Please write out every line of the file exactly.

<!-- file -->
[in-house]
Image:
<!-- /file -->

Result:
[in-house]
Image: